When Jesus cleared out the Temple that day and proclaimed, “It is written, My house will be called a house of prayer,” he was quoting the prophet Isaiah. For reasons that we will never know for sure, either Jesus did not give Isaiah’s whole statement or Matthew did not record that Jesus gave Isaiah’s whole statement. (This is more likely because the parallel passage of Mark 11:17 includes an additional phrase.) But, if we go to Isaiah 56:7, we learn that Isaiah had an additional phrase: “My house will be called a house of prayer for all nations.”

Let it be so!

(This post is based on the message “How to Pray for the Nations” which you can watch at fbclaf.org/video)

Are We Ready?

I love football. This is my time of the year. But, I didn’t have a good football weekend. The high school I played for lost and is now 0-3. The college I played for lost and is now 1-2. The local college, Louisiana’s Ragin Cajuns lost. Our state school, LSU, got embarrassed. And the Saints . . . well you know.

I don’t make a lot of predictions, but let me make a minority prediction on one of those teams—LSU. Everything will be fine, maybe even better. I wouldn’t be shocked if they do not lose another game. To be more conservative in my prognostication, they will probably lose one (yeah, unfortunately, that one) and maybe two, but no more.

Why such optimism after a terrible and embarrassing performance? It’s what I read in the paper this morning (yeah, I still do that and love it). Coach O said, “We didn’t practice well last Tuesday and Wednesday.” That’s it! Take nothing away from Mississippi State. They have a great team and played a great game. But, LSU did not prepare well. I don’t think the average fan has enough appreciation for how hard it is to win. Winning doesn’t just happen. Preparation is necessary

We see in athletics what lack of preparation will do. Lack of preparation in our spiritual lives has the same effect but with dire results.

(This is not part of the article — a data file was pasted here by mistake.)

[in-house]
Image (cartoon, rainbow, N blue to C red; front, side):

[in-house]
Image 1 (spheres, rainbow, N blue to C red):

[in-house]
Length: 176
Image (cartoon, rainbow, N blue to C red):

Consider what the Scriptures say about our preparation in several key areas.

1. We must be prepared to share our faith. “Always be ready to give a defense to anyone who asks you for a reason for the hope that is in you.” 1 Peter 3:15

2. We must be prepared to fight the enemy, Satan. “This is why you must take up the full armor of God, so that you may be able to resist in the evil day, and having prepared everything, to take your stand.” Ephesians 6:14

3. We must be prepared for the return of Christ. “You also be ready, because the Son of Man is coming at an hour that you do not expect.” (Luke 12:40)

4. We must be prepared to meet God. “Therefore, Israel, that is what I will do to you, and since I will do that to you, Israel, prepare to meet your God!” (Amos 4:12)

Are we ready?

How About Some Different Headlines?

North Korea Threatening. Harvey Aftermath. Irma Threatening. I don’t know about you, but I could use some different headlines today.

I want to share with you some Scriptures that sound a lot like headlines to me. Hopefully, these headlines will put in right perspective the headlines of the last couple of days.

• God’s Grace is Sufficient—This headline comes from 2 Corinthians 12:9, which says, “But He said to me, “My grace is sufficient for you, for power is perfected in weakness.” Therefore, I will most gladly boast all the more about my weaknesses, so that Christ’s power may reside in me.